Research

Women, Faith and Resistance in Palestine: An Oral History of the Women who Shaped Palestinian Liberation Theology

Graduate Research Grants
Grant Year
2018-2019

Palestinian Liberation Theology (PLT) describes the unique way Palestinian Christians have practiced a faith-based commitment to nonviolence, while also advocating for a just peace in Israel-Palestine. Most research on this topic has focused on the written work of Palestinian theologians, which has privileged male voices. This project explores how women have historically shaped PLT through conducting interviews with women who were involved with PLT in its early years. This research focuses on three central questions: 1) How did women in this movement understand the relationship between faith and nonviolent resistance? 2) Where do their stories converge and diverge with the written histories of Palestinian liberation theology? 3) How might their narratives shed light on contemporary nonviolent resistance in Palestine today? This research aims to center women’s voices in the history of PLT, and contribute to the broader literature on the involvement of women in nonviolent resistance movements.

REPORT:

I reach Rukab street a few minutes early. I call and find out that the woman I am interviewing today is already there. Her assistant comes to greet me and escorts me inside the Quaker Meeting house. I sit down and can’t quite believe I am about to interview Jean Zaru– an advocate for nonviolence and women rights in Palestine and  author of Occupied  with Nonviolence: A Palestinian Woman Speaks.  I am here as part of a series of interviews I am conducting on women in liberation theology movements.  Part way through the interview, Jean Zaru pauses and then says, “So, as I have been seeking liberation for women and for the bible (laughter).” This phrase- liberating the bible– was a common thread in my interviews this summer.  Many Palestinian Christians feel their holy book has been used against them to justify the ongoing, illegal occupation of their land. Yet, Jean Zaru also has a second, and equally weighty concern: she is also critical of both religious and social norms within Palestinian communities that marginalize women’s voices.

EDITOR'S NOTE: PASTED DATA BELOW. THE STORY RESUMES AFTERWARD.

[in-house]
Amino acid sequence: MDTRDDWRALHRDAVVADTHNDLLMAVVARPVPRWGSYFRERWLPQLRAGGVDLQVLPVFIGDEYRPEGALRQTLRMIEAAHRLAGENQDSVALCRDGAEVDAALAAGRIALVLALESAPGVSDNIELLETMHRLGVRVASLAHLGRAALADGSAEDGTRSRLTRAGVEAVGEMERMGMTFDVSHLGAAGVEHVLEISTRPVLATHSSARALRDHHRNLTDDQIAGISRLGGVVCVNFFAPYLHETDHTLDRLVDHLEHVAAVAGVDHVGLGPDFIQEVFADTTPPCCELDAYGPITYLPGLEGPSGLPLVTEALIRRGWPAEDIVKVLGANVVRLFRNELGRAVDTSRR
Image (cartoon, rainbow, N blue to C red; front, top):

This summer, thanks to Kellogg’s generosity, I was able to interview eleven women who were significant in shaping Palestinian Liberation Theology–a movement that reads scripture through a non-Zionist lens, seeks nonviolent liberation for Palestinians, and hopes for a just society for both Palestinians and Israelis. My aim was to collect the histories of women involved in this movement. While some—like Jean Zaru—had published books, others had not, and as a result, their personal narratives are not widely known. Through these interviews I was able to come to a deeper understanding of how women have shaped this movement and the personal faith challenges and struggles they had to navigate in the process.  Their narratives help illuminate how Palestinian Liberation Theology emerged, as well as how women navigate and challenge patriarchal religious and social structures.

This research has been foundational for writing my dissertation proposal. I plan to build on my interviews from this past summer through conducting further field research in Israel-Palestine next year.

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